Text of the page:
An interesting bit of revisionist history occurred on Fox News Tuesday afternoon. A guest on The Ingraham Angle said the U.S. Constitution’s original three-fifths compromise was actually written in order to give “humanhood to black people.”
For her part, host Laura Ingraham mostly stayed out of the fray. The comments were made during a discussion between civil rights attorney Leo Terrell and former wrestler Kevin Jackson. Ingraham was complaining about Spike Lee‘s recent criticism of President Donald Trump at the Cannes Film Festival.
While cataloguing a series of ressentiments in Lee’s anti-Trump comments, Ingraham said, “Let me tell you about the thing I think was most outrageous. When he said America was built on slavery and basically the subjugation of the native people…” To which Terrell replied, “Let me just simply say this, Laura, since I love history and government. When this constitution was created, me, because I was black, I was considered three-fifths of a human being.”
Apparently not much of a history buff himself, Jackson interjects and says, “That’s just nonsense.”
Terrell continues, noting:
So, [Spike Lee’s] absolutely right about the historical shame of blacks being considered property when this country was created on the so-called allegation of “liberty.” Blacks were not free when this country was created. That’s a fact.
Jackson interjects again, to call Terrell “ignorant” and accuse him of making, “Yet another ignorant comment.” Eventually the talk devolves into some shouting and Ingraham rights the ship. Jackson finally offers his ahistorical understanding of the issue. He says:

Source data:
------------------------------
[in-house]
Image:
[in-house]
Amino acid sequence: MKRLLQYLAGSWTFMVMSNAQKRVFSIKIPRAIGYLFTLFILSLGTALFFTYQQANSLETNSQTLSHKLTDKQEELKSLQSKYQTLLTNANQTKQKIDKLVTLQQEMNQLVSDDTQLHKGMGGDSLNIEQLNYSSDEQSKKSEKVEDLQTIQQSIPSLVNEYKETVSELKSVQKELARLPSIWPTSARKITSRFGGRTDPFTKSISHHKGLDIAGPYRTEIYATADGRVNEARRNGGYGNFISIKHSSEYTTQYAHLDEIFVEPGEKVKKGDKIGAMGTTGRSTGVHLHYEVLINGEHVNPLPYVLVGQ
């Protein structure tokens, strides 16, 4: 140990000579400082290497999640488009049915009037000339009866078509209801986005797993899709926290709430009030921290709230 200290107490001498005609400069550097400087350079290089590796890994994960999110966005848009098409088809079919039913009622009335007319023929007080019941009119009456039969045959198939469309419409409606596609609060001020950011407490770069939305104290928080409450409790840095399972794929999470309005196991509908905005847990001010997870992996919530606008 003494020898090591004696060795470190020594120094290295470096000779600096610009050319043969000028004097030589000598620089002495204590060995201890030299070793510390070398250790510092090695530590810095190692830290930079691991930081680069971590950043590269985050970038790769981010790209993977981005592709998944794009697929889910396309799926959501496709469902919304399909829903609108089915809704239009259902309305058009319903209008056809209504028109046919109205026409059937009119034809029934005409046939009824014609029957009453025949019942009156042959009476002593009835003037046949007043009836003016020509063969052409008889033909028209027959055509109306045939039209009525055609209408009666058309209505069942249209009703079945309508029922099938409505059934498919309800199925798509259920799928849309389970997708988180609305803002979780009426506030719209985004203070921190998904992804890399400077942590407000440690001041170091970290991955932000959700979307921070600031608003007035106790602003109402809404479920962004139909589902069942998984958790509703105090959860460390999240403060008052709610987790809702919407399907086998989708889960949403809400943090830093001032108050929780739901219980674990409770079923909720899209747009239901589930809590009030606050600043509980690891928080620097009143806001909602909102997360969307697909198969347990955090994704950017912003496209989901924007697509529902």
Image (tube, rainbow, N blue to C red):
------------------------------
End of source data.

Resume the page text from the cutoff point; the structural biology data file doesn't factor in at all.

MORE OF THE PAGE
First of all the Three-Fifths Compromise was essentially what this particular gentleman doesn’t understand was it was to give humanhood to black people. Spike Lee learned that and it was an embarrassment to him.
Law&Crime remains agnostic as to what Spike Lee might have learned or when he might have learned it here. Suffice to say, Jackson is not an historian and his comments about the three-fifths compromise are not accepted among any known historians. As W.E.B. DuBois noted in his seminal text, Black Reconstruction in America: 1860-1880:
Into the hands of the slaveholders the political power of the South was concentrated, by their social prestige, by property ownership and also by their extraordinary rule of the counting of all or at least three-fifths of the Negroes as part of the basis of representation in the legislature. It is singular how this “three-fifths” compromise was used, not only to degrade Negroes in theory, but in practice to disfranchise the white South. Nearly all of the Southern states began with recognizing the white population as the basis of representation; they afterward favored the black belt by direct legislation or by counting three-fifths of the slave population, and then finally by counting the whole black population; or they established, as in Virginia and South Carolina, a “mixed” basis of representation, based on white population and property; that is, on land and slaves.
[image via screengrab/Fox News]